NEWS

OCTOBER 31ST 2018

Army Cadets travel to The Somme

Nottinghamshire Cadets at monument   reduced

Nottinghamshire Army Cadets at the 'Jock on the Rock' memorial to the 51st Highland Division

In the last week Army Cadets from across the East Midlands have travelled to Northern France where they had the opportunity to learn more about the First World War by taking part in a battlefield tour.

Cadets from Nottinghamshire, Lincolnshire, Leicestershire, Northamptonshire and Rutland took part in the three day trip which was was part of a national campaign to mark 100 years since the armistice and give the cadets a greater insight into what life was like for soldiers during the war.

LNR ACF on parade at Thiepval Memorial

LNR ACF on parade at Thiepval Memorial

During the tour cadets visited battlefields and a recreation of a trench system to learn more about the conditions faced by soldiers, were given talks by historians about how the war developed, the technology used and the impact it had upon the 20th Century. The tour then culminated in a parade at the Thiepval Memorial to the missing.

16 year old Cadet Lance Corporal Tom Ledger, from West Bridgford Detachment, Nottinghamshire ACF, explained: “Looking at the rows and rows of headstones and the wall of names at Thiepval was haunting.

“My Great Grandfather Harold Witte was 15 years old when the war started. He lied about his age to enlist; I can’t imagine anyone of my generation doing that. They were so brave. For me it was important to learn about his role in the war and it was humbling to be able to wear his medals on parade.”

Colonel Jeremy Field MBE, a senior adult volunteer and Commandant of Lincolnshire ACF, explained: “It was a great privilege to attend with Cadets from Lincolnshire ACF on the Somme battlefields tour followed by a special service of remembrance at the awe inspiring Thiepval Memorial.

“The Cadets were humbled to read the inscriptions on the graves of those who died, many of whom were only a few years older than themselves.”

There was lots of time for reflection

There was lots of time for reflection

Cadet Gabriel Robertson, aged 14, from LNR ACF, explained: “It made me feel a great debt of gratitude to those that died and also proud to stand before the memorial in remembrance after one hundred years since the end of the Great War.”

Cadet Antony Eames, aged 16, from LNR ACF, added: “It made me feel grateful and gave me a better understanding of life. It was a lot to take in and a really breath taking experience.”

Cadet Lance Corporal Alexander Shaw, aged 15, from Lincolnshire ACF, said: “It was a real honour and a privilege to be able to visit. It was devastating to see first-hand the list of names on the memorial. It must have been a harrowing experience for them”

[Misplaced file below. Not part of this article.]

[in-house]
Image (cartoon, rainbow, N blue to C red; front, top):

Cadet Lance Corporal, Thomas McQueen, aged 15, from Lincolnshire ACF, added:  “I really enjoyed the trip and learned a lot. I am very happy we went and although it was very sad it was good to see the monuments for myself”

In preparation for the battlefield tour the cadets were asked to research their families involvement in the First World War.

Cadet Lucie Gillmore from Ruddington in Nottinghamshire, discovered a heroic deed of her Great Great Grandfather Private Ernest Meads.

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Cadets looking at one memorial to the fallen

Ernest was sent to the Western Front along with other Members of 6th (Service) Battalion Northamptonshire Regiment, part 54th Brigade of the 18th Division.

On 21st September 1918 after advancing with members of his company towards German trenches Ernest found himself with only one round remaining for his Lee-Enfield Rifle.

In the final stages of the advance Ernest jumped into a trench occupied by German soldiers who were so shocked by his bold move they surrendered immediately.

His bravery was recognised by Major General Sir William Heneker who authorised the award of the Mention In Dispatches for his ‘Gallant conduct and devotion to duty in the field.’

Lieutenant Richard Etherington, an adult volunteer with Nottinghamshire ACF added: “Not only was it important to take the Cadets to the monuments, battlefields and cemeteries to enable them to learn about the War we felt that they should gain an understanding of the human aspect of the conflict.

Cadet Lewis Dobney at grave of unknown soldier reduced

Cadet Lewis Dobney at grave of unknown soldier reduced

“Encouraging them to undertake the family research really gave the Cadets a deeper understanding and personal connection to the War.  

“Many of the Cadets started out knowing only their ancestors’ names but with support some were able to learn about their regiments and ships. Others found out about the specific deeds of individual soldiers and sailors using online resources.”

The battlefield tours were organised on a national level with more than 3,500 cadets from across the United Kingdom taking part and travelled in five groups of 700.

Thiepval Memorial commemorates more than 72,000 men of British and South African forces who died in the Somme sector before 20 March 1918 and have no known grave, the majority of whom died during the Somme offensive of 1916.

“Looking at the rows and rows of headstones and the wall of names at Thiepval was haunting."


“Encouraging them to undertake the family research really gave the Cadets a deeper understanding and personal connection to the War."


“The Cadets were humbled to read the inscriptions on the graves of those who died, many of whom were only a few years older than themselves.”